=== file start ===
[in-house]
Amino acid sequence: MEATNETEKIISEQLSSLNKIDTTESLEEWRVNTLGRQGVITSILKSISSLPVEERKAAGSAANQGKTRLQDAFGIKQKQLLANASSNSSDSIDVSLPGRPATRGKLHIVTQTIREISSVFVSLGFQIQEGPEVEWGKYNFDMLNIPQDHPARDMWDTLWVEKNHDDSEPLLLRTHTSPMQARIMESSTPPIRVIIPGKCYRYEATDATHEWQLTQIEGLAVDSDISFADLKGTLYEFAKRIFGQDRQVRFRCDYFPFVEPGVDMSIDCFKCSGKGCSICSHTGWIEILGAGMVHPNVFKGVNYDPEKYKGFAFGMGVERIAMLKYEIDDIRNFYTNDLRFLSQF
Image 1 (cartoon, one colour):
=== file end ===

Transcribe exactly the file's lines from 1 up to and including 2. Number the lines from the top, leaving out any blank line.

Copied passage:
[in-house]
Amino acid sequence: MEATNETEKIISEQLSSLNKIDTTESLEEWRVNTLGRQGVITSILKSISSLPVEERKAAGSAANQGKTRLQDAFGIKQKQLLANASSNSSDSIDVSLPGRPATRGKLHIVTQTIREISSVFVSLGFQIQEGPEVEWGKYNFDMLNIPQDHPARDMWDTLWVEKNHDDSEPLLLRTHTSPMQARIMESSTPPIRVIIPGKCYRYEATDATHEWQLTQIEGLAVDSDISFADLKGTLYEFAKRIFGQDRQVRFRCDYFPFVEPGVDMSIDCFKCSGKGCSICSHTGWIEILGAGMVHPNVFKGVNYDPEKYKGFAFGMGVERIAMLKYEIDDIRNFYTNDLRFLSQF